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Can Supplementation Reduce Your Brain Age?

Growing older is a part of life, one we all must face. How we handle that process can be scientifically measured by the number of “life crisis” we undergo. Those who have quarter-life crises are off to a particularly bad start. If turning 25 throws you for a loop, 50 should be a real hoot. In actuality, our cliche tantrums over aging are usually related to lack of fulfillment or frustrations with life not being what we dreamed of while we were young and full of endless optimism.

The difference between a brain bursting with youthful exuberance and one bordering senility is only 100 milliseconds. Processing speed relates to our memory, cognitive thought, focus, problem-solving and just about every other action within our brains. It is the number of synapses, the connections within the brain that drive its functions.Yet, aging naturally robs us of our capabilities derived from youth: athleticism, or what semblance of it we had, vigor, energy, libido, perhaps hair. In return, age supposedly gifts us wisdom, experience, patience, and perspective. All of this is up for debate except for one scientific truth: age does eventually slow our brain’s processing speeds.

Eventually, these connections slow and memories no longer can be recalled at the speed of our youth. Even more troubling, new memories slowly stop imprinting as deeply, causing forgetfulness or complete amnesia. These defects can slowly decline into more serious brain conditions such as dementia or even Alzheimer's disease. Not everyone has to face these disconcerting issues as all our brains, and bodies for that matter, work differently. Some lucky few remain as sharp as a tack until the day they die. Others struggle with cognitive brain functions for years. A number of different health factors play into such decline such as nutrition, stress, lack of exercise, injuries, as well as hereditary factors.

They say with every decade after the age of 20 we lose seven to ten milliseconds of processing speed. However, thanks to modern science, while all must grow older, that doesn’t necessarily mean our brains must gradually lose their potency any longer. Nootropics are an exciting and relatively new branch of drugs and exercises that aim to improve cognitive function, processing speeds, memory, even motivation in healthy young individuals. Nevertheless, some research has shown that nootropics are especially effective in the elderly and those who are slowly losing their cognitive functions.

Imagine if you could remember and think as clearly as you did 20 or 30 years ago? Noticing your own brain speed is a lot like perceiving the inch or two we gain as we sleep; the difference is a minute, almost imperceptible. Despite that, many in their later years describe their thoughts as in a “brain fog.” Maybe you don’t remember names like you used to, or struggle to find your keys, things you never did when you were younger. Perhaps you become more impulsive or show poor judgment, feel overwhelmed by decisions or lose train of thought or focus on tasks you used to enjoy.  These could be examples of mild cognitive impairment (MCI), which the number one cause of is aging.

The goal of Nootropics is to improve the number of synapses within your brain and, therefore, could reverse the development of cognitive impairment. Returning your brain closer to its former self. It may sound like a panacea, but the evidence of its efficacy is grounded in science. Researchers studied the effects of Piracetam on patients struggling with memory and cognitive functions. They found “compelling evidence for the global efficacy of piracetam in a diverse group of older subjects with cognitive impairment.” Noopept, in clinical trials, has been found to help with effects of Alzheimer's.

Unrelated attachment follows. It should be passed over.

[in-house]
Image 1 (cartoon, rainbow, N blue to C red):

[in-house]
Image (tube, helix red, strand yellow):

Similar to how doctors tell you to take fish oil or unpronounceable supplements such as Glyceryl Phosphoryl Choline, nootropics serve as brain drugs to improve neuroplasticity. Dr. Michael Merzenich, professor emeritus at University of California, defined neuroplasticity as, “The brain’s ability to change its anatomical, neurochemical, and functional performance status across the lifespan.” Previously it was thought that new neurons couldn’t be formed later in life. That may be where the idiom, “You can’t teach an old dog new tricks” came from. Slowly accepted research by Michael Kaplan proved that isn’t the case. That with supplementation, nootropics, and exercise we may spur on new neuritic growth.

Another benefit of nootropics is the minimization of free radicals; you may have heard of them. Free radicals are essentially unbounded groups of atoms or electrons that form from interactions with oxygen. Once paired with the oxygen they can become highly reactive, potentially causing chain reactions that can damage important cellular components such as cell membranes or DNA. Our bodies form antioxidants to fight such free radicals. Stacking or combining nootropics can introduce more antioxidants, providing more firepower to protect vital brain parts.

Whether it is improving the number of brain synapses, helping brain plasticity or protecting against free radicals, proper stacking of nootropics can drastically improve brain function, memory, focus, even motivation. Everyone can stand to improve with this exciting new branch of medicine, but especially those getting up in years whose brain will naturally begin to slow down.

Some nootropics are meant for intermittent use. Others like Focus Alert Relaxed and Smartea Pants are designed for daily use. That is because some nootropics work slowly over time, while others build a cumulative effect. By using small amounts daily, the effects compound to improve the benefits exponentially. Give these two a try and see if they provide the brain boost you are looking for.